N6-Methyladenosine (m6A) is the most abundant internal modification in mRNA. Previous research has shown that m6A is a reversible and dynamic RNA modification that is fundamental to the regulation of RNA metabolism. Therefore, m6A modification is a prevalent modification on mRNA, influencing splicing, export, translation, and decay.
A team led by Professor Shengjian Ji from the School of Life Sciences at the Southern University of Science and Technology (SUSTech) has conducted advanced research to explore the roles and mechanisms of m6A modification in nervous system development and functions. Their study reports a mechanism in which the m6A reader proteins regulate axonal mRNA local translation and further mediate axon growth in cerebellar granule cells (GCs).
Previous studies undertaken by the group showed that m6A modification plays an essential role in the early development of the nervous system. The eraser of m6A, FTO, regulates axon growth by controlling the local translation of GAP43 mRNA in axons (Yu et al., Nucleic Acids Research, 2018). Additionally, they also found that the reader protein of m6A, YTHDF1, mediates axon guidance by regulating the translation of the Robo3.1 mRNA (Zhuang et al., Nucleic Acids Research, 2019). However, how the m6A reader proteins regulate local translation of axonal mRNA remains unclear.
In their recent findings, the m6A reader proteins, YTHDF1 and YTHDF2, were found to be highly expressed in the axons of mouse cerebellar GCs. After the knockdown of YTHDF1 or YTHDF2, the axon growth rates of GCs were significantly increased. Using multi-omics analysis, Dvl1 and Wnt5a mRNA were identified as the key targets of YTHDF1 and YTHDF2, respectively.
Interestingly, Dvl1 and Wnt5a are the key components of the Wnt/Planar cell polarity (PCP) signaling pathway. They further discovered that YTHDF1 regulates the local translation of Dvl1 mRNA by promoting its translation, while YTHDF2 regulates the local translation of Wnt5a mRNA by affecting its stability. Thus, YTHDF1 and YTHDF2 synergistically control GC axon growth.
Figure 1. YTHDF1 and YTHDF2 work synergistically to regulate the Wnt5a-PCP signaling pathway and cerebellar granule cell axon growth
The team also tested this mechanism physiologically. Conditional knockout (cKO) of Ythdf1 or Ythdf2 in mouse cerebellar GCs significantly promoted cerebellar parallel fiber growth. Surprisingly, the number of synapses between parallel fiber and Purkinje cells was increased in either Ythdf1 cKO or Ythdf1 cKO mice. Subsequently, this caused the enhanced motor coordination ability in either cKO mice. These results showed that YTHDF1 and YTHDF2 serve as negative regulators for PF growth of cerebellar GCs under physiological conditions.
Figure 2. The parallel fiber growth and motor coordination ability are enhanced in Ythdf1 or Ythdf2 cKO mice
“Previous studies suggest that different m6A readers work reversely or redundantly. Here we show that the m6A readers YTHDF1 and YTHDF2 can work synergistically to regulate the same signaling pathway,” said Prof. Ji.
Their recent work is entitled “The m6A Readers YTHDF1 and YTHDF2 Synergistically Control Cerebellar Parallel Fiber Growth by Regulating Local Translation of the Key Wnt5a Signaling Components in Axons.” It has been published in Advanced Science, a renowned journal covering fundamental and applied research in materials science, physics and chemistry, medical and life sciences, and engineering. Jun Yu, a student in the joint Ph.D. program between SUSTech and the University of Hong Kong (HKU), Yuanchu She, a Ph.D. student at SUSTech, and Dr. Lixin Yang are the co-first authors of this paper. Prof. Shengjian Ji is the corresponding author.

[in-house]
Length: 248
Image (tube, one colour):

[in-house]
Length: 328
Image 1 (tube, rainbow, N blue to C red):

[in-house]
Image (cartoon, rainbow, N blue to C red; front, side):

Prof. Shengjian Ji’s group has made a series of significant findings that contribute to the field of m6A modification in neuronal development and functions. Consequently, they were invited to write a review paper on this topic by Frontiers in Cell and Developmental Biology, a broad-scope, interdisciplinary open-access journal, focusing on the fundamental processes of life. Jun Yu is the first author and Yuanchu She is the second author of this review paper. Prof. Shengjian Ji is the corresponding author.
The group also made a series of important findings that contribute to the field of local translation in axons. They recently published a review paper on this topic in Cellular and Molecular Life Sciences, a multidisciplinary journal covering the latest aspects of biological and biomedical research. Lichao Li is the first author, and Jun Yu is the co-first author of this review paper. Prof. Shengjian Ji is the corresponding author.
Jun Yu has published five research and review papers as the first/co-first author in internationally recognized journals, including Nucleic Acids Research, Development, Advanced Science, and Frontiers in Cell and Developmental Biology, and Cellular and Molecular Life Sciences. She was also awarded as the “Top 10 Graduates of 2021” at SUSTech. She is an exemplary example of the tremendous success of the joint Ph.D. programs set up by SUSTech and other top universities overseas.
Advanced Science: https://onlinelibrary.wiley.com/doi/10.1002/advs.202101329
Frontiers in Cell and Developmental Biology: https://www.frontiersin.org/articles/10.3389/fcell.2021.679662/full
Cellular and Molecular Life Sciences: https://link.springer.com/article/10.1007/s00018-021-03995-4
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Proofread ByAdrian Cremin, Yingying XIA